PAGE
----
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What does it take to drive more Mainer electric vehicles? We hope to find out with our own EV

Vehicles are responsible for most of Maine’s greenhouse gas emissions. One goal in the state’s climate protection plan is to get more electric vehicles on the road.

Currently there are only about 6,000, 90% more than a few years ago. But it’s still a drop in the ocean compared to the 219,000 the state would like to see deployed by the end of the decade. According to Michael Stoddard, Executive Director of Efficiency Maine, every sixth car on the road would be electric.

This story is part of our series, Climate Driven: An In-Depth Of Maine’s Response, One County At A Time.

“It’s a steep climb. It’s a really aggressive corner,” he says.

However, Stoddard is optimistic that the state can achieve this goal. The first hurdle is the cost, he says. The lowest sticker price for a new electric vehicle is around $ 30,000. State and government incentives can lower this price. Efficiency Maine offers discounts between $ 1,000 and $ 5,500, depending on income levels and whether it’s an electric car or a plug-in hybrid. A federal tax credit costs an additional $ 7,500 for certain electric vehicles.

“Once you add all of that together, you can get upfront costs that are very similar to a normal car,” he says.

And Stoddard says electric vehicle running costs are lower. They require less maintenance and there is no need to buy gas. Still, buying a car is a big financial decision, and a recent report on the Clean Traffic Goals in Maine found that more financial incentives are needed to encourage consumers to invest in electric vehicles.

Right now, according to Stoddard, there is another option that may be more affordable: “We encourage people to lease. That might be a great way to test the water if you’re not so sure.”

This is exactly what the Maine Public news team chose to learn more about EVs and reduce our carbon footprint while reporting on this nationwide series.

Pearl 1.PNG

Maine Public has purchased an electric vehicle – a Nissan Leaf, nicknamed the Pearl – that reporters will drive to locations across Maine for our Climate Driven series.

Susan Sharon, Public Deputy News Director of Maine, and I recently visited Lee Nissan in Topsham to pick up our 2022 Nissan Leaf SV Plus, a mid-range model with many features.

We decided to name the pearly white four-door compact hatchback – what else? – pearl.

“This is beautiful! Gosh, this is a beautiful car,” says Sharon.

“Yes, it really is,” says Rebecca Ruth, a saleswoman who meets us at the dealership.

It’s close too, says Ruth. Increased customer demand and pandemic-induced supply chain issues are driving shortages of inventory across the industry.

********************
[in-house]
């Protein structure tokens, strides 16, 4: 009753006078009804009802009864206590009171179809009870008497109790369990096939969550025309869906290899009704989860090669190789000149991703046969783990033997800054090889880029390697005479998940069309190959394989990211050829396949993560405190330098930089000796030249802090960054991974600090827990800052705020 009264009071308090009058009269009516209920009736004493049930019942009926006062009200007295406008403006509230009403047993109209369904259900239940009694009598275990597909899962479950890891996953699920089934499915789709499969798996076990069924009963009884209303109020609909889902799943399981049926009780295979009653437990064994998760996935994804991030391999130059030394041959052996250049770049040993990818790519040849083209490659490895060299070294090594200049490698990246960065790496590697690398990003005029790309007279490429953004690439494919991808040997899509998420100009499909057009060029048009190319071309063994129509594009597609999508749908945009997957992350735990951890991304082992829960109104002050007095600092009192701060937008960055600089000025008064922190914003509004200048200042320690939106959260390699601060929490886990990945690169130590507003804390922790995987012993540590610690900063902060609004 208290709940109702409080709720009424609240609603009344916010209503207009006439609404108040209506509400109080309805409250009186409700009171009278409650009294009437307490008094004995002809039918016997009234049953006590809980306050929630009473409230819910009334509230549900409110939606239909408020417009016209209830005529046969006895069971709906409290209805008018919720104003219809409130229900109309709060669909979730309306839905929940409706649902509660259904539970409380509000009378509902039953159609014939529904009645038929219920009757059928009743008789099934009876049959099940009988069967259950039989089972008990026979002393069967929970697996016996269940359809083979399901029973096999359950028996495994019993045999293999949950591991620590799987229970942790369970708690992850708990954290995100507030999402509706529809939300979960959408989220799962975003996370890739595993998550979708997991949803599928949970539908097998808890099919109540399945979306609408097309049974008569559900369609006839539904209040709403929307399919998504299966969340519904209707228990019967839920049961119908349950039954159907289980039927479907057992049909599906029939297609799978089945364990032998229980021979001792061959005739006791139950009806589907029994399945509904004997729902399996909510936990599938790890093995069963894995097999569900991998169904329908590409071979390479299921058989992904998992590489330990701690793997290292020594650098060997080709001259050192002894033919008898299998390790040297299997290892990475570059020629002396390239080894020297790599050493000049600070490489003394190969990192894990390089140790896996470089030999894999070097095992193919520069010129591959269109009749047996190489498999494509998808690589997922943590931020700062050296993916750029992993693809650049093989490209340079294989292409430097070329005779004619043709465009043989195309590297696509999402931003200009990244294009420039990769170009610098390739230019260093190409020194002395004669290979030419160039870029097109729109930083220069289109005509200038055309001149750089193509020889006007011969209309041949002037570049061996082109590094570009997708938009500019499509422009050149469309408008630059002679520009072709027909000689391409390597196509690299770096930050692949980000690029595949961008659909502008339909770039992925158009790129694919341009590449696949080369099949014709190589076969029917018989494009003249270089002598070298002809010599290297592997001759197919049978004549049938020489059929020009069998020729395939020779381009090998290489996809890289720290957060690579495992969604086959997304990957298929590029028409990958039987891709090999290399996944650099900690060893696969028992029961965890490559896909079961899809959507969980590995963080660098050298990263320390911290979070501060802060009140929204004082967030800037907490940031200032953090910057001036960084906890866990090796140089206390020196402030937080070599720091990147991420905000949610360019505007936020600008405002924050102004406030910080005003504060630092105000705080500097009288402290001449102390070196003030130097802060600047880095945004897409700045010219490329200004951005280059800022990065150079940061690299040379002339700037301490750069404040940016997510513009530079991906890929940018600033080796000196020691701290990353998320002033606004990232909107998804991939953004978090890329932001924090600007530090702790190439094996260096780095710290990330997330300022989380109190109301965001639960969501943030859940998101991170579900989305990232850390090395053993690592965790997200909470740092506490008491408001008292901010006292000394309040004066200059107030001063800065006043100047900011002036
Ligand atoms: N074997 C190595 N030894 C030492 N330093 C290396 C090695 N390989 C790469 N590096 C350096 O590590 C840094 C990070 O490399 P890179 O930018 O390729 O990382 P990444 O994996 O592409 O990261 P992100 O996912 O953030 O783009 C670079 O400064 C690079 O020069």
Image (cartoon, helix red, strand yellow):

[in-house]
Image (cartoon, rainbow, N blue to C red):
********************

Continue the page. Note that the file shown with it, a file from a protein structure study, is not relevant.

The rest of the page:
“I literally have zero. This is the only one I have in the ground,” says Ruth.

Pearl doesn’t look much different than a gasoline car. But it sounds different from what we discover when Ruth pulls it back from the showroom.

This science fiction sound is intended to alert people nearby that the car is reversing – otherwise electric vehicles are practically noiseless when they are driving.

5.PNG pearl

An electric vehicle charger works at Lee Nissan Topsham.

That’s the main difference Sharon notices when she slips into the driver’s seat and takes Pearl on a test drive.

“It doesn’t feel much different. It just feels calmer, ”she says.

In front of them, Ruth points to a sign with a speed limit of 50 mph. It is time to shatter the widespread myth that electric cars are sluggish.

“I’m going to ask you step on the metal and just go so you can feel that energy behind you. See how quickly it reacts,” she says.

“Whoa … I’m turning 55,” says Sharon.

“See? You could get a ticket in this car if you’re not careful!”

The big question, of course, is how far can this electric vehicle go on a single charge? According to Nissan, the range of Pearl is approximately 215 miles.

In ideal conditions, we may be able to drive them from Topsham to Houlton in northern Maine. However, the range depends on many factors, including cold weather, which drains the battery faster. On the way we would probably have to stop at a public charging station.

There are more than 500 across the state, but not all are created equal. Fast chargers can bring a battery up to 80% in about half an hour.

Susan EV 1.jpg

Patty Wight


Maine public

Rebecca Ruth, a senior saleswoman at Lee Nissan in Topsham, shows Susan Sharon, of Maine Public, how to charge a Nissan Leaf EV.

But most public chargers are level 2 – which would take 11 hours to fully charge Pearl. Electric cars can also be plugged into normal 120-volt sockets at home, but this takes even longer.

Back from our test drive with Pearl, we asked Ruth to give us instructions on how to connect a Level 2 charger at the dealership after she noticed that the charging port wasn’t on the side – like a gas cap would be.

It turned out to be on the hood. Just push a button to open a small lid, remove the cable from the charger and plug it in.

“Make sure it clicks into place,” says Ruth. “You’ll want to hear that click. And give it a minute … and it loads. Really not that complicated!”

So far, nothing about this electric vehicle seems that complicated.

But it’s only our first ride with Pearl. We’ll learn more about what it’s like to travel in an electric vehicle in the coming months: in the cold, on long journeys, and on the back roads of rural Maine.

Disclosure: Adam Lee, chairman of the board of directors of Lee Auto Malls, is a member of the Maine Public Board of Trustees.


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